Importance: Fibromyalgia is a complex chronic pain condition for which effective nonpharmacological treatment interventions are lacking.

Objective: To explore the effects of an occupational therapy intervention for fibromyalgia on client-reported outcomes of pain interference, self-efficacy, mood, and function.

Design: Retrospective cohort study using a chart review method.

Setting: Outpatient clinic.

Participants: Twenty-one adults with fibromyalgia (M age = 54 yr).

Intervention: A 10-wk occupational therapy group intervention using a Lifestyle Redesign® (LRD) approach.

Outcomes and Measures: The Brief Pain Inventory, Pain Self-Efficacy Scale, Beck Depression Inventory (BDI), and the Fibromyalgia Impact Questionnaire (FIQ) or the Revised Fibromyalgia Impact Questionnaire were administered at the first and last sessions of the program.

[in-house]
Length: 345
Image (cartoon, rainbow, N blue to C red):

Results: Between 2015 and 2018, 37 clients entered the program, and 21 completed it. Changes in group averages exceeded the minimal clinically important difference for the BDI and the FIQ. Eighty-one percent of clients who completed the program had a clinically significant improvement on one or more of the outcome measures.

Conclusions and Relevance: The findings demonstrate the potential benefit of occupational therapy as a complementary approach to pharmacological treatment for people with fibromyalgia. Preliminary evidence suggests that a 10-wk occupational therapy group intervention using an LRD approach may reduce symptoms of depression and decrease the impact on daily function for people with fibromyalgia.

What This Article Adds: Occupational therapy should be considered as a nonpharmacological intervention for adults with fibromyalgia to improve psychological well-being and function.

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